To stave off the misery of isolation, the cinema turned to romance, and, happily, a lot of it worked. English comedian Ben Elton transformed his book Inconceivable into Maybe Baby, a smart comedy involving Joely Richardson and Hugh Laurie as a yuppie couple desperately trying to get pregnant. Freaky Frenchman Jean-Pierre Jeunet made the dream girl flesh -- thanks to saucer-eyed minx Audrey Tautou -- in his wantonly flashy Amélie, and Finn Aku Louhimies's supremely sexy Restless depicted yet another disoriented young fellow, who -- like his Icelandic counterpart in the delightfully charming 101 Reykjavik -- learns to get it on (life, that is). Sure, we had to deal with slop like Kate & Leopold (Want chivalry, girls? Try being pleasant), but when a pic like Monster's Ball overcomes its dreary racist clichés (and yet more pathetic fathering) with hot love via Halle Berry and Billy Bob Thornton, there must be hope.
Ghost stories were also in no short supply in 2001, including both effects-laden emptiness such as Thirteen Ghosts and extremely spooky nerve-janglers, including Brad Anderson's excellent Session 9. In one of the year's weirdest simultaneous collusions and severings, Nicole Kidman and Tom Cruise got spooky in The Others and Vanilla Sky, respectively, with the Great Red Hope's former flame producing Alejandro Amenábar's misty English spookfest while starring in Cameron Crowe's odd but engaging remake of Amenábar's Abre los Ojos. While plenty of movies were still bent exclusively on kicking ass -- Swordfish, The Fast and the Furious, the reprehensibly vulgar Black Hawk Down (a.k.a. Blacks Shot Down), etc. -- popular cinema revealed a distinct turn toward spectral encounters.
And, last, let us not forget the many movies featuring people being chased by digital stuff that isn't actually there. These films tend to take an unfair beating by stodgy practitioners of this trade, but fun's fun, and this year, we were afforded awesome kicks along with Brandon Fraser in The Mummy Returns and Henry Selick's way-underrated Monkeybone (Tim who?), plus some guy with big boobs running around shooting stuff in Lara Croft: Tomb Raider, the amusing Jurassic Park III, and the striking Final Fantasy: The Spirits Within, wherein actors finally became unnecessary.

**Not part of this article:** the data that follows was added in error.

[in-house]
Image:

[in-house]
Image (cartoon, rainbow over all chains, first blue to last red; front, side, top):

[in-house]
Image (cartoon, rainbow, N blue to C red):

Was it a great year? Heck, when the list of runners-up includes terrific must-sees such as The Dish, A Beautiful Mind, In the Bedroom, Last Orders, Last Resort, Our Song, Mulholland Drive, Chain Camera, Rush Hour 2, Snide and Prejudice, Training Day, and Iron Monkey, the question answers itself. Now here's la crème de la crème.
10. Jay & Silent Bob Strike Back: Those who have evolved beyond copycat pretense will recognize this as the year's funniest movie. In addition to barking 2001's best line ("What the fuck is the Internet?"), Jason Mewes -- a.k.a. Jay -- stands as cinema's rawest nerve since Brando was a boy. Everyone catches shrapnel as director Kevin Smith -- a.k.a. Silent Bob -- deftly detonates his beloved Askewniverse. (But, dudes, you would have ranked higher if you'd sent the posters as promised.)
9. Atlantis: The Lost Empire: Yes, a rollicking Disney cartoon devoid of crap and full of wonder. So what if the polychromatic cast smells like marketing statistics and Leonard Nimoy can barely croak his lines as the King of Atlantis? Directors Gary Trousdale and Kirk Wise (Beauty and the Beast) outperform all expectations, trotting out their Jules Verne trappings to support a tale about ancient beauty, modern exploitation, and an archaeologist caught between.
8. The Charcoal People: Got slavery? This engrossing film from Oscar-winning documentarian Nigel Noble reveals everything you don't want to know about iron sourcing in the Brazilian Amazon. Essentially, lacking other occupations, local tribes have taken to tearing down their forests, burning the wood in huge smelting ovens to produce pig iron, and destroying their bodies, communities, and environment in the process. The director's matter-of-fact approach will have you thinking twice about your sporty SUV.
7. Harry Potter and the Sorcerer's Stone: Yea, and as I walk through the valley of critical hostility, I shall have no fear. Sure, this is a big, honking product of the AOL Time Warner machine, but it's also a luminous, boldly faithful adaptation of a wonderful story. In the lead, Daniel Radcliffe holds his own while ensconced in much magic, as Robbie Coltrane and Alan Rickman turn in stellar supporting performances. Anyone with a modicum of imagination will feel right at home at Hogwarts.